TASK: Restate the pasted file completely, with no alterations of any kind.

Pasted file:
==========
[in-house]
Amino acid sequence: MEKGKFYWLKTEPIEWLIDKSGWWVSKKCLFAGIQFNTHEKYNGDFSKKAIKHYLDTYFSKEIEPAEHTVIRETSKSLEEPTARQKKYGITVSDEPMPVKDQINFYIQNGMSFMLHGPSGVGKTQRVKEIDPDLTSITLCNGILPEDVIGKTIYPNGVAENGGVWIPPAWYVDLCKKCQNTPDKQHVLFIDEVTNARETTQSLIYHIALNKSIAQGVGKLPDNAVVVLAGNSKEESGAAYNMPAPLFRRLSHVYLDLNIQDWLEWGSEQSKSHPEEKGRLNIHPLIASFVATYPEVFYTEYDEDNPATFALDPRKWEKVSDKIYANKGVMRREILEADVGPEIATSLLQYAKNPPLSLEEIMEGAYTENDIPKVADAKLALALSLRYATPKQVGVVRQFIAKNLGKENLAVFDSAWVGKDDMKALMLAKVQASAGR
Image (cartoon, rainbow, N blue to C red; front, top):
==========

[in-house]
Amino acid sequence: MEKGKFYWLKTEPIEWLIDKSGWWVSKKCLFAGIQFNTHEKYNGDFSKKAIKHYLDTYFSKEIEPAEHTVIRETSKSLEEPTARQKKYGITVSDEPMPVKDQINFYIQNGMSFMLHGPSGVGKTQRVKEIDPDLTSITLCNGILPEDVIGKTIYPNGVAENGGVWIPPAWYVDLCKKCQNTPDKQHVLFIDEVTNARETTQSLIYHIALNKSIAQGVGKLPDNAVVVLAGNSKEESGAAYNMPAPLFRRLSHVYLDLNIQDWLEWGSEQSKSHPEEKGRLNIHPLIASFVATYPEVFYTEYDEDNPATFALDPRKWEKVSDKIYANKGVMRREILEADVGPEIATSLLQYAKNPPLSLEEIMEGAYTENDIPKVADAKLALALSLRYATPKQVGVVRQFIAKNLGKENLAVFDSAWVGKDDMKALMLAKVQASAGR
Image (cartoon, rainbow, N blue to C red; front, top):